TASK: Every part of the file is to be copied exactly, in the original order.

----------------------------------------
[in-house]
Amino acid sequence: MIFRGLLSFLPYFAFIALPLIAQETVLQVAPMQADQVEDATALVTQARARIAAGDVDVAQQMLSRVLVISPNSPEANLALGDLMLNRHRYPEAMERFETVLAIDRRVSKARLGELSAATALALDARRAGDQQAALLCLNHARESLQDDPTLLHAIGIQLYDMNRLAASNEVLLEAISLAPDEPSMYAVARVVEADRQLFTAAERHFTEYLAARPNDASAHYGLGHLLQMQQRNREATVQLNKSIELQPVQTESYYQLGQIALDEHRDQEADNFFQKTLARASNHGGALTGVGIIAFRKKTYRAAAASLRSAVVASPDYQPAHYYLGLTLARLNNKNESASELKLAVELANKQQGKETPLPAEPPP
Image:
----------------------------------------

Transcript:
[in-house]
Amino acid sequence: MIFRGLLSFLPYFAFIALPLIAQETVLQVAPMQADQVEDATALVTQARARIAAGDVDVAQQMLSRVLVISPNSPEANLALGDLMLNRHRYPEAMERFETVLAIDRRVSKARLGELSAATALALDARRAGDQQAALLCLNHARESLQDDPTLLHAIGIQLYDMNRLAASNEVLLEAISLAPDEPSMYAVARVVEADRQLFTAAERHFTEYLAARPNDASAHYGLGHLLQMQQRNREATVQLNKSIELQPVQTESYYQLGQIALDEHRDQEADNFFQKTLARASNHGGALTGVGIIAFRKKTYRAAAASLRSAVVASPDYQPAHYYLGLTLARLNNKNESASELKLAVELANKQQGKETPLPAEPPP
Image: